UBC Theses and Dissertations
The experience of university students in cultivating mindfulness : what helps and hinders Mills, Lauri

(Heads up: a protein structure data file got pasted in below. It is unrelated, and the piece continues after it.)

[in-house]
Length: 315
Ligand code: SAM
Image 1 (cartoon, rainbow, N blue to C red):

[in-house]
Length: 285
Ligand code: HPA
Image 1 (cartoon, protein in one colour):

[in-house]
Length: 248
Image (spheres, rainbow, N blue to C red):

This study explored the experience of university students in cultivating mindfulness. University students face many unique academic, financial, social, and personal stressors in the pursuit of their educational goals. The literature suggests that the nature of mental health is changing for today’s students, with increasing prevalence, chronicity, complexity, and severity of psychological issues. University counselling centres serve a growing number of students with severe psychological problems, many presenting in crisis and requiring immediate response. This consistent rise in clients seen by centres, compounded with stretched resources and budgetary concerns, is causing many centres to incorporate different treatment modalities to address these challenges. Outcome research suggests that mindfulness is a beneficial intervention with university students, especially in reducing symptoms of stress, anxiety, and depression. However, there is limited qualitative research on the experience of university students in cultivating mindfulness, and no known published research on what facilitates and challenges students who participate in a mindfulness-based intervention as part of treatment at a university counselling centre. Fourteen participants were interviewed about what helps and hinders their cultivation of mindfulness. All participants had completed a Mindfulness-based Stress Reduction group as part of treatment through their university counselling centre. The Enhanced Critical Incident Technique was used to analyze the interviews, which produced 390 total incidents, with 195 helping incidents, 130 hindering incidents, and 65 wish list items. These incidents and wish list items were grouped into 19 categories. The 11 helping categories are Mindfulness Practice, Mindfulness Group, External Environment, Personal Strategies, Benefits of Mindfulness, Routine, Mindfulness Concept, Social Support, External Reminders, Inspirational Others, and Stress. The five hindering categories are Disruptions, Time, Tired, Emotion and Anxiety, and Interpersonal Relationships. The three wish list categories are Space, Resources, and Cultural Shift. The findings suggest that mindfulness practice and the influence of the mindfulness group are important factors for students’ cultivation of mindfulness, as well as external context, personal factors, and the influence of others outside of the mindfulness group.
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